eClinicalWorks goes mobile with new unit
February 9, 2013 in Medical Technology
With patient engagement now a key component of meaningful use, EMR providers are looking to mHealth to bring the patient into the loop. The latest to do so is EHR vendor eClinicalWorks, which this week launched a new business unit designed to connect patients to their doctors and their electronic health records.
Executives at the Westborough, Mass.-based developer of ambulatory clinical systems say the Health Online Wellness (Healow) initiative “directly connects patients to their own and family electronic health records, allowing immediate access to personal medical records and facilitating two-way communications between providers and patients.”
Girish Kumar Navani, the company’s co-founder and CEO, said patient-centered portals like those developed by Google and Microsoft haven’t done well because they don’t bring the doctor into the conversation. With 8 million customers using eClinicalWorks’ electronic patient portal and surveys that indicate physicians are ready to embrace mHealth, he said the timing is right for a platform that can bring both sides together and connect them with clinical data.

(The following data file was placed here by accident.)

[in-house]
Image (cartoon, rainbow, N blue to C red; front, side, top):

“We’re tapping into a whole new ecosystem of health,” he said, describing the new Healow unit as the “blocking and tackling of mobile health.”
“We need to start from the inside out, make it easy for (physicians and patients) to access and share information … and make decisions” based on that data, said Navani.
“In order to transform healthcare, patients need to be engaged,” Navani added in a Feb. 6 press release announcing Healow’s launch, which includes a $25 million investment by the company over the next 12 months. “People are invested in and want to be engaged in their health as long as they trust the source of the information. We are confident the tools delivered through Healow will be successful due to the foundation we have built with more than 220,000 medical providers and because its solutions bring together cutting-edge technology and a critical component – the medical provider.”
Navani said the unit’s first product will be a free app that enables patients to connect to their own and family EHRs and communicate with their physicians. That app will be available in iOS and Android versions later this month.
Looking down the road, Navani said Healow will develop pathways for integration with home monitoring units and medical devices and an online, open-access scheduling system similar to Priceline. He also expects Healow to develop an API that would allow developers and other parties to write their own apps for the platform.
Salvatore Volpe, a Staten Island, N.Y., physician whose solo practice was the first in the nation to receive Level 3 Patient-Centered Medical Home status in 2011, said eClinicalWorks’ Healow initiative will help him as he targets stage 2 of the meaningful use standards.